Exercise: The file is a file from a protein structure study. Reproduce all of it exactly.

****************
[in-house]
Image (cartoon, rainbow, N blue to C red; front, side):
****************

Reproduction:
[in-house]
Image (cartoon, rainbow, N blue to C red; front, side):